More than one million Australian have diabetes with an estimated 500,000 new diabetics diagnosed each year. The Australasian Podiatry Council (APodC) commissioned a study to discover diabetes rates within Australian federal state electorates and identified a dirty dozen .
• 7.5%: Gilmore (NSW), Grey (SA)
• 7%: Hinkler (Qld)
• 6.9%: Wakefield (SA)
• 6.6%: McMillan(VIC)
• 6.5%: Lingiari (NT), Farrer (NSW)
• 6.4%: Gippsland (VIC), Lalor (VIC), Paterson (NSW)
• 6.3%: Canning (WA), Parkes (NSW)
Topping the charts of federal parliament constituencies with the highest incidence are the South Australian seat of Grey and Gilmore in New South Wales. Each has 7.5%. Hinkler has a diabetes rate of 7% which is almost two points higher than the national of 5.2% . The seat takes in Hervey Bay and Bundaberg was recently named Australia's "fat capital". Prime Minister Julia Gillard's seat of Lalor in Victoria has a rate of 6.4%.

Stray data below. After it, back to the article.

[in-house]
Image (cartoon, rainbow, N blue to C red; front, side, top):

The organisation has called for more Medicare-funded visits to podiatrists for people with diabetes. The Sock It To Diabetes campaign organised by the Council intends to target the 12 federal state seats to highlight the high incidence of the disease and the risk of amputation the carries. Australia's podiatrists say it leads to 4300 amputations annually, which represents a 30% jump in the past decade. Lifting the current ceiling from five visits to 12 would cost $85 million which would not only significantly reduce amputation levels but generate more than $300 million in health sector savings. Hinkler MP Paul Neville agrees the problem needs to be "confronted", adding a range of measures could be considered to address an increasing demographic, including pilot programs in the 12 electorates or means-tested government funding. He plans to raise the issue with Opposition health spokesman Peter Dutton. In attempting to rationalise the figures Mr Neville, who is retiring at the next election, said the seats on the list appeared to fall into two categories: coastal/lifestyle areas with a high elderly population, or inland areas where access to medical help was not as great.